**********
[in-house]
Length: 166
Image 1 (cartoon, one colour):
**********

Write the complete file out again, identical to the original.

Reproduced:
[in-house]
Length: 166
Image 1 (cartoon, one colour):